Tag Archives: kiplinger letter

‘Agency 2020’: Can You Get There? (Part 1)

It’s been 45 years since astronauts Neil Armstrong and Buzz Aldrin first walked on the moon. “That’s one small step for man, one giant leap for mankind,” Armstrong said. Many consider this to be mankind’s greatest adventure. Today, you should begin planning for the greatest adventure in your agency’s history. Now is the time to prepare for what I call “Agency 2020.”

This is your mission: to survive and prosper in tomorrow. It’s a Star Trek mission. Your challenge is to seek out new life (future consumers) and civilizations (niches and affinity groups), to boldly go where no man (or insurance agency) has gone before.

This preparation is merely one “small step” to fully critique, improve and prepare your agency today so that it can explore strange new worlds – the global and virtual marketplace – that will be prevalent in 2020. In other words, you need to prepare your organization for the one “giant leap” required for future prosperity.

To give you perspective on the world of 2020, consider this statement from a July issue of The Kiplinger Letter: “The next big phase in computerization: connecting all objects of all sorts … buildings, industrial machinery, appliances, medical devices, vehicles, roads, containers, apparel and much more. In an ‘Internet of Things,’ 26 billion objects will communicate with others by 2020 … up from a piddling 1 billion things doing so now.”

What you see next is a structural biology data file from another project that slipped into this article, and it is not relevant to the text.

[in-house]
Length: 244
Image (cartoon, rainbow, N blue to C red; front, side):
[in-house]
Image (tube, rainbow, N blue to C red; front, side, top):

Other sources suggest even greater connectivity – with some predicting 50 billion or more “things” talking to each other daily. That is seven times what the world’s population in 2020 is predicted to be (7.6 billion people, according to infoplease.com.)

That connectivity will be transformational. Everything will be in flux: industries, delivery systems, communications, smart data, products offered and not offered, risks, pricing, value-added services, insurance (healthcare, loss control, underwriting, risk management, safety, etc.), banking and education and even everything about how, what, where and why clients shop and buy.

When one thing is different, it’s change. When everything is different, it’s chaos.

The year 2020 will have chaos, and in chaos there’s great opportunity.

If my first few paragraphs have confused or upset you, don’t worry. We’ve already walked on the moon! Anything is possible. To do great things, you merely need a purpose and a vision, a commitment to both, a plan and the discipline to live the commitment you’ve made. Join us in this exciting five-year mission.

Let’s start at square one. As the American businessman and writer Max Depree notes: “The first role of the leader is to define reality.”

This article offers a simple process to follow through on Depree’s advice. Questions are asked, and you merely answer them – honestly and completely. Today you are establishing your starting point for your trip to tomorrow. Remember, if you misrepresent on the front end – you will not reach your planned destination.